Poole also explained why he built Canvas into a separate venture-backed company as opposed to porting over the existing 4Chan users onto the new platform and just having them deal with it. “We want to re-imagine what the modern message board would look like … It’s less about the product and more about the community.”
Poole does however think that the communities will eventually overlap, “I’m sure that millions of the 4channers will want to use Canvas once we open it to the public. But we don’t want to force them to do so.”
Canvas should be out of private beta in the next couple of months, Poole says.
Posted: 25 May 2011 12:45 PM PDT
Today at TechCrunch Disrupt in New York City, Google’s Marissa Mayer sat down with our own Michael Arrington. She’s an old pro dealing with Mike — she’s actually been to every event we’ve ever put on. And she knows that as long as she has some new data to give him, he won’t push on the other, more uncomfortable things he likes to push on. Or at least, he won’t push as hard.
As such, Mayer noted that Google Maps for mobile has now surpassed 200 million installs. And those are active users of the product. Perhaps even more amazing is that mobile constitutes over 40 percent of all Maps usage. And in June, Mayer says that she expects mobile will surpass the desktop version of Maps for good.
She also noted that some 20 percent of the searches now seen on Google are for local information. And on mobile, that number is more like 40 percent. As Google’s head of Geo (which includes both Maps and Local), Mayer is clearly proud of these stats.
She noted that one of her challenges has been to make the wide range of products in her department more streamlined. She said that one such maneuver to help with that was the folding of Hotpot into Places. And eventually, Mayer sees Latitude simply as a part of Maps (it already is on Android devices).
Since Mayer was one of Google’s early employees, Mike asked her what the atmosphere was like now with Larry Page in as CEO and Eric Schmidt out. She noted that it was “really optimistic” and said that there’s “a lot of energy.” She said that since Google has always been focused on the product, Larry was the perfect person to come in and lead.
Posted: 25 May 2011 12:35 PM PDT
Six companies were chosen at random from the TechCrunch Disrupt Startup Battlefield. Then, for six sessions of less than ten minutes each, Graham spoke with each startup founder to flesh out their idea, asking probing questions as he tried to figure out what they were setting out to do, and what they might need to change.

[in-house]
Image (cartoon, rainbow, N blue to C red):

Graham has a knack for being insightful and critical on his feet, and he doesn’t require much background information to hone in on some of the pain points and weaknesses in a startup’s idea (it’s a skill that likely comes from practice, as he’s held office hours with hundreds of YC companies). At the same time, he comes across as being curious and empathetic rather than overly negative — even when he’s telling a founder that their company is dead in the water.
If I were to recommend one video from TechCrunch Disrupt (and we’ve had many), I’d choose this one. Founders should consider watching the video above and asking themselves how they would answer each of Graham’s questions. It’s really fantastic.
Below are my notes from each startup, but it’s really best to watch the video, as it’s hard to convey the train of thought that Graham exhibited on stage.
The company is offering a graph database as a service.
PG: “Who needs this”
Last words: “Find out the users who use you first are, figure out the kinds of problem they are solving. Then when you’re talking to investors tell them the problem you’re helping solve.”
Apply for jobs by video. Job search is about asking rich questions, not work history: “What’s a good reason to be late today?”, “Tell me about yourself.” “Is it ever appropriate to lie to a friend?” Character-related questions.
PG: “What’s hard about what you’re doing is that you’re trying to create a marketplace. Once you’re established then you’re set.”
PG: “Which is harder to get on your site: People applying or hiring?”
“When do I launch?”
Data visualization startup
A trading site for individual investors that generates queries on the fly for a company, sort of like a Google finance but with other data instead of stock tickers.